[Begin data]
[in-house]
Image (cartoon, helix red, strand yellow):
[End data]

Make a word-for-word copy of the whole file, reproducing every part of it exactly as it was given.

[in-house]
Image (cartoon, helix red, strand yellow):